The effect of question wording on responses to the Constitutional Council questions

Vaka Vésteinsdóttir, Ragnhildur Lilja Ásgeirsdóttir, Vera Óðinsdóttir, Snæfríður Birta Björgvinsdóttir, Helena Ólafsdóttir, Eyney Ösp Gunnarsdóttir, Fanney Þórsdóttir


The focus of this study was to evaluate the questions used in the advisory referendum on the proposals for a new Icelandic constitution by the Constitutional Council on October 20, 2012. Cognitive interviews (N=60) were used to evaluate if the questions are understood in a consistent manner. Two survey experiments were conducted where three different versions of the questions were used; a) the original version, b) a version estimating the effect of status quo on responses, and finally c) a version where the prefix “are you opposed” was used instead of the prefix “would you like” used in the original questions. A web survey was conducted using both a sample of university students (n=209) and a social media sample (n=528). The first hypothesis was that people would be more likely to agree with the status quo when the question did not involve change. The second hypothesis was that people would be less likely to agree with a cause by disagreeing with a negatively worded question (“are you opposed”) than agreeing with a positively worded question (“would you like”). The results indicated that a status quo effect on responses was found in two questions in the university student sample and three questions in the social media sample and an effect of using a negatively worded prefix was found in two question in the social media sample but not in the university student sample.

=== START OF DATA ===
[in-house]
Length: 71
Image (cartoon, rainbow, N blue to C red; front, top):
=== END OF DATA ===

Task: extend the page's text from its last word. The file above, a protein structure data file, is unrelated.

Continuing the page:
Constitutional council questions; question wording; status quo; negatively worded questions; cognitive interviews.

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